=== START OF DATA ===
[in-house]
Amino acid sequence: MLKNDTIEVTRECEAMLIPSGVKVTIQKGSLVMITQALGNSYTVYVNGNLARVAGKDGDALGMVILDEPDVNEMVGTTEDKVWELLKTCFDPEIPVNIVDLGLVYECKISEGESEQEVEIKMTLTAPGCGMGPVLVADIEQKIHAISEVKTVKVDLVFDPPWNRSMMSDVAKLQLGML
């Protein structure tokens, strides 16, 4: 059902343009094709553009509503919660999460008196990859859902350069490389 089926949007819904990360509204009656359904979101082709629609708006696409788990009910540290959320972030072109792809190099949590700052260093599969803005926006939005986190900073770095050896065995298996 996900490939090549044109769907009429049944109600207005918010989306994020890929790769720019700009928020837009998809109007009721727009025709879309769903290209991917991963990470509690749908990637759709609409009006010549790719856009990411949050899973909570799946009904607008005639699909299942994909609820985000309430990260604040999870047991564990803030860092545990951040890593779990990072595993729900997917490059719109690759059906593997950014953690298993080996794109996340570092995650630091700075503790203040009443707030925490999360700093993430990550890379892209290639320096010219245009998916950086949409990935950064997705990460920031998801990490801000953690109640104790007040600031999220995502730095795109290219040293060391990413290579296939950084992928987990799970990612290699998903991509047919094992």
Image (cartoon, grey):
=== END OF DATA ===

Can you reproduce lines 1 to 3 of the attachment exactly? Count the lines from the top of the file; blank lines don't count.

[in-house]
Amino acid sequence: MLKNDTIEVTRECEAMLIPSGVKVTIQKGSLVMITQALGNSYTVYVNGNLARVAGKDGDALGMVILDEPDVNEMVGTTEDKVWELLKTCFDPEIPVNIVDLGLVYECKISEGESEQEVEIKMTLTAPGCGMGPVLVADIEQKIHAISEVKTVKVDLVFDPPWNRSMMSDVAKLQLGML
């Protein structure tokens, strides 16, 4: 059902343009094709553009509503919660999460008196990859859902350069490389 089926949007819904990360509204009656359904979101082709629609708006696409788990009910540290959320972030072109792809190099949590700052260093599969803005926006939005986190900073770095050896065995298996 996900490939090549044109769907009429049944109600207005918010989306994020890929790769720019700009928020837009998809109007009721727009025709879309769903290209991917991963990470509690749908990637759709609409009006010549790719856009990411949050899973909570799946009904607008005639699909299942994909609820985000309430990260604040999870047991564990803030860092545990951040890593779990990072595993729900997917490059719109690759059906593997950014953690298993080996794109996340570092995650630091700075503790203040009443707030925490999360700093993430990550890379892209290639320096010219245009998916950086949409990935950064997705990460920031998801990490801000953690109640104790007040600031999220995502730095795109290219040293060391990413290579296939950084992928987990799970990612290699998903991509047919094992």